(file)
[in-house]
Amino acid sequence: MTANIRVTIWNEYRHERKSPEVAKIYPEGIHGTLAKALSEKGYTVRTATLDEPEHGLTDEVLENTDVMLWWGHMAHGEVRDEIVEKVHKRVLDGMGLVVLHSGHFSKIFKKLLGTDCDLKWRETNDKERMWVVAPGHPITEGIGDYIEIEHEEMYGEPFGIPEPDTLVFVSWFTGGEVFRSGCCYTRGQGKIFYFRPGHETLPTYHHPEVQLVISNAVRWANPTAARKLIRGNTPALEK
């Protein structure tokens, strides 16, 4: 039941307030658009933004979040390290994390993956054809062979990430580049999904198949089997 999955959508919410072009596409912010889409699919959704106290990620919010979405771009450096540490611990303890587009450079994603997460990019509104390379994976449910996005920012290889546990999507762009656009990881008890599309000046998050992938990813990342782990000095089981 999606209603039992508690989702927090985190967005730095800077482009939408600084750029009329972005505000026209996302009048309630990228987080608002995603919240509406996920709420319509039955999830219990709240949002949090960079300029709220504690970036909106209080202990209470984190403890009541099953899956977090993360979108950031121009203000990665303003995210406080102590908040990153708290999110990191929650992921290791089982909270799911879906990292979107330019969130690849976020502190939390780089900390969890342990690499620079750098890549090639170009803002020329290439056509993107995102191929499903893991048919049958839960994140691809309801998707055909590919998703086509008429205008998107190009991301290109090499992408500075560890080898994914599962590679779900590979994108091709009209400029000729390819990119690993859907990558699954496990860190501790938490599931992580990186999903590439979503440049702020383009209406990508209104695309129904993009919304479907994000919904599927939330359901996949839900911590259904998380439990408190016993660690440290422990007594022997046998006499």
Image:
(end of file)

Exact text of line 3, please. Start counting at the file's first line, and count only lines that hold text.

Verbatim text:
């Protein structure tokens, strides 16, 4: 039941307030658009933004979040390290994390993956054809062979990430580049999904198949089997 999955959508919410072009596409912010889409699919959704106290990620919010979405771009450096540490611990303890587009450079994603997460990019509104390379994976449910996005920012290889546990999507762009656009990881008890599309000046998050992938990813990342782990000095089981 999606209603039992508690989702927090985190967005730095800077482009939408600084750029009329972005505000026209996302009048309630990228987080608002995603919240509406996920709420319509039955999830219990709240949002949090960079300029709220504690970036909106209080202990209470984190403890009541099953899956977090993360979108950031121009203000990665303003995210406080102590908040990153708290999110990191929650992921290791089982909270799911879906990292979107330019969130690849976020502190939390780089900390969890342990690499620079750098890549090639170009803002020329290439056509993107995102191929499903893991048919049958839960994140691809309801998707055909590919998703086509008429205008998107190009991301290109090499992408500075560890080898994914599962590679779900590979994108091709009209400029000729390819990119690993859907990558699954496990860190501790938490599931992580990186999903590439979503440049702020383009209406990508209104695309129904993009919304479907994000919904599927939330359901996949839900911590259904998380439990408190016993660690440290422990007594022997046998006499």